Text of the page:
How to Learn to Love Marmite
The British yeast extract spread is one of those hate-it-or-love-it condiments
You either love Marmite or you hate Marmite. There's no middle ground when it comes to the thick, sticky, deep brown yeast extract product that can be a beloved part of the British breakfast table or else something to make you involuntarily retch in your mouth. Extreme and polarizing reactions to Marmite even form the basis of its marketing campaigns—but it's also possible to learn to love Marmite.
First up, to start your conversion you'll need to be drunk or hungover (or, better yet, both). I'll wager that 90% of Marmite consumed in the United Kingdom is ingested by persons in these states. When I lived in London, I don't remember an alcohol-fueled night out that didn't end by snacking on a slice of toasted white bread slathered in butter and topped with luxurious swathes of Marmite. Call it the equivalent of New York City's dollar slice. And it makes sense: When you've been drinking and your stomach starts craving some form of sustenance as respite from the alcohol attack, you usually plump for something involving carbs, fat and salt. Marmite on toast hits all three desirables. A Marmite on toast food truck that roamed around pubs at closing time would make a killing.
The interplay of Marmite and alcohol isn't just anecdotal—there’s scientific evidence that drinking too much depletes your body's stash of B vitamins, which is something Marmite is packed with. Circuitously, it's also produced as a byproduct of brewing beer. To easily add Marmite to your morning after breakfast routine, try adding a teaspoon or so to the mushrooms that you’re frying up as part of a full English breakfast. This will ramp up the umami factor of the dish: as science tells us, everyone loves umami).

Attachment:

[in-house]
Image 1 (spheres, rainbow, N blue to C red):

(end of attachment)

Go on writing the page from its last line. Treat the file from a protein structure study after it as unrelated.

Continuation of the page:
You can also fall back on a classic Marmite and cheese sandwich, which must be constructed exactly as follows: Take two pieces of toast and spread Marmite on each slice, then add some slices of cheese and cut the whole glorious shebang in half horizontally. It is very important not to melt the cheese. The crunchy texture of the toast meeting the gooey Marmite and the solid cheese sounds peculiar, but it just works. (Also, do not become tempted to add extra ingredients to the sandwich like tomatoes. That's just treasonous.)
If you're intent on keeping the drinking going on throughout breakfast, a Marmite-infused Bloody Mary is an easy gateway into the world of yeast extract beverages. Adding a dollop of Marmite will bring umami to the Bloody Mary and also balance out the pep of the horseradish and the kick of the tabasco sauce. And in the grand scheme of weird and inappropriate things people like to put in a Bloody Mary, Marmite is positively tame stuff.
If you're feeling plucky enough, you can also simply mix a teaspoon or so of Marmite into a cup of freshly boiled water for a savory pick me up. Hey, if people go nuts for bone broth's alleged restorative powers, they can certainly pucker up and sup down some of Marmite's mighty healthy thiacin, riboflavin and folic acid action.
And if all this Marmite love still sounds too unpalatable for you? Well, just be thankful you're not being advised to get on board with Australia's even more pungent yeast extract equivalent, Vegemite—only a truly devilish person would ever smile while giving someone a Vegemite sandwich.